Matching on Unicode code points makes sense because the Unicode
order is well defined, the same regardless of the system, is
independant from the version of Unicode. For most alphabets, the
order matches the unicode range. All the [a-z], [A-Z],
[0-9a-fA-F], [0-9] which represent 99.9% of what users use
ranges for work. The [α-ω] also works as expected. One can match
on Unicode pages, like hangul_jamo=$'[\u1100-\u11ff]'. Here
with the dcXX handling, you can also filter out or detect
non-characters in UTF-8 easily with ${var//[$'\x80'-$'\xff']/}

Now looking at drawbacks.

For globasciiranges, there is the question of [x-y] when x is a
character but y is not (is a byte not forming part of a valid
character), and there's the question of bytes not forming part
of valid characters being matched by [$'\u1'-$'\U10FFFF'] or

The C locale should be the one where we can expect to be able to
work with byte values, as in [[ $'\x85' = [$'\x50'-$'\xaf'] ]],
and on some systems (GNU ones at least), in that locale,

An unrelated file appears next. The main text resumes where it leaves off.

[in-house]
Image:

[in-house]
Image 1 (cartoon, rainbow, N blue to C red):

mbtowc() on 0x80 .. 0xff return -1, so those bytes are mapped to
0xdc80 .. 0xdcff. So if only for that, it's important that we
allow ranges with mixed character+non-character ends and allow
non-characters to be matched by ranges other than those where
both ends are non-characters.

That does mean potential surprises such as:

$ LC_ALL=ru_RU.koi8r zsh -c "[[ $'\xe9' = [$'\x1'-$'\x80'] ]]" && echo yes

(on a GNU system) as $'\xe9' is a valid character in that locale
(И U+0418) but $'\x80' is not (so becomes 0xdc80).

Same for:

$ export LC_ALL=en_US.UTF-8
$ zsh -c "[[ $'\ue9' = [$'\x1'-$'\x80'] ]]" && echo yes

As one needs to remember matching is done based on codepoint.

The other problem is that outside of locales using ASCII,
ISO-8859-1 or UTF-8 charmaps, the behaviour varies between
system as not all systems implement wchar_t's the same.

For instance, on FreeBSD, in single-byte locales, the wchar_t